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  1. Melzaar the Almighty

    Melzaar the Almighty Contributing Member Contributor

    Aug 28, 2010
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    Fake sarcasm

    Discussion in 'General Writing' started by Melzaar the Almighty, Nov 30, 2010.

    Basically, this person is saying something in a sarcastic tone of voice, but actually means what she says... Does this description work? Is that what you'd get from "fake sarcasm"? Because, you know, she just talks in a way that's really sarcastic, but in this case she's just stating the obvious rather than actually being sarcastic about it... Blergh. :p Could this just fall into "sarcastically" or would that make you look at it again and wonder what she meant instead of it?
  2. Mallory

    Mallory Mallegory. Contributor

    Jun 27, 2010
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    Tampa Bay
    Technically speaking I see how it applies, but in writing it just seems like the person isn't sincere...maybe "said snarkily" instead?
  3. Peerie Pict

    Peerie Pict Contributing Member Contributor

    Sep 10, 2009
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    I always find that physical descriptions/reactions showing how a comment is received is more effective than simply stating how the speaker intended a comment to sound. Caro could perhaps smirk, raise an eyebrow, roll his/her eyes? Or the person to whom the comment is aimed could quip back.

    In any case, the sentence is self explanatory and I think the introduction of the notion of 'fake sarcasm' is a bit clumsy and ambiguous.
    1 person likes this.
  4. popsicledeath

    popsicledeath Banned

    Nov 11, 2010
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    Telling me as a reader how something I just read should have been read, doesn't do much but make me have to stop to re-read or make me annoyed the character isn't better at communicating and needs a narrator go walk around behind them explaining what they mean by everything they say.

    Almost all subtext and tone and intonation etc can be created via means other than 'she/he said ________ly.'

    Richard Bausch is an expert at this, if curious and want to study who is imo the best living writer of dialog. He has two stories that are JUST dialog, and all the subtexts and tones come through just fine.

    Saying something in a sarcastic tone of voice to mock someone else's sarcasm, effective? Isn't that still sarcasm?

    If I double sarcastically said: Yeah, because the moon is like SOOOO not made out of cheese, I get it.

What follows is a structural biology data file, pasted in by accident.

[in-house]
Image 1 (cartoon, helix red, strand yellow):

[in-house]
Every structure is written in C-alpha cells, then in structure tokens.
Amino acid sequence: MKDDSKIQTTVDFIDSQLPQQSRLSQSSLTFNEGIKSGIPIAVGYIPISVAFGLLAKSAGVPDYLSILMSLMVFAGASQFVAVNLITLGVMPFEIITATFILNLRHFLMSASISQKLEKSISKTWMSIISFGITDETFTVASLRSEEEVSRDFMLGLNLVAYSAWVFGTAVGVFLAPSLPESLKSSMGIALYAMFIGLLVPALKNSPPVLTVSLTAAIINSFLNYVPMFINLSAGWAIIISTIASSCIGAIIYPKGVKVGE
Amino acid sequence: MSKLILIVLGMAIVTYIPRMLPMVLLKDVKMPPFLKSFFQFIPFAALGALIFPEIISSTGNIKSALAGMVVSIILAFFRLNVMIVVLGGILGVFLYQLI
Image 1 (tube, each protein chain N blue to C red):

Isn't that just being annoyed, or fighting sarcasm with mock sarcasm?

    Maybe that's a better description: mock sarcasm? Not sure if it fits or is accurate, but I get a better sense of the double-sarcasm effect, if that's what the character is doing.

    If the character is just dumb and sarcastically saying things that happen to be true, then, ummm, heh.

    Sounds to me with what little context we have, that the character is just annoyed. I think trying to describe exactly what the tone of the dialog is isn't as necessary as simply getting in the ballpark via indicating actions and mood and stuff.


    Caro tried not to roll her eyes, wishing they would just shut up already. "Uh, unanimously requires everyone to agree."

    Different than:

    Caro was so sick of Joe and his sarcasm. Mimicking his voice, she said, "Uh, unanimously requires everyone to agree."


    Caro could barely think over the argument and didn't understand why Joe was pushing forward with the project without everyone's consent. "Uh, unanimously requires everyone to agree."


    Caro didn't care what these idiots thought, and thought it cute they'd still even try to give their input. Caro mocked Joe, snottily replying, "Uh, unanimously requires everyone to agree."

    Shrug. Usually the context and truth of the moment, if accurately depicted, will give enough context to create subtext and tone and all that jazz and we don't need to be told or explained what we should have just garnered from the dialog. Either it's different from our reading and more disruptive than instructive (why dialog is so tough, hard to calibrate) or it's redundant, but either way, not great writing imo.
    1 person likes this.
  5. EdFromNY

    EdFromNY Hope to improve with age Supporter Contributor

    Jun 13, 2010
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    Queens, NY
    Sarcasm is sarcasm. The concept of "fake" sarcasm makes no sense to me.
  6. Cogito

    Cogito Former Mod, Retired Supporter Contributor

    May 19, 2007
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    Massachusetts, USA
    Agreed. Perhaps you are in need of a different word, like sardonic or wry.
  7. minstrel

    minstrel Leader of the Insquirrelgency Staff Supporter Contributor

    Jul 11, 2010
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    Near Los Angeles
    I often find that the simplest solution is best. Just drop the whole fake sarcasm thing. Just let it read:

    “Uh, ‘unanimously’ requires everyone to agree,” Caro pointed out.

    The readers are smart - they'll get it.
  8. xxkozxx

    xxkozxx Active Member

    Oct 16, 2006
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    I was thinking cynicism when I read it. I believe the the context is taken best by the reaction of the receiver of that dialogue. Simply put, when you are talking to somebody in real life, you place inflections in your voice and you perceive how what you say is taken by the other person's reaction. Same applies to dialogue in your writing.

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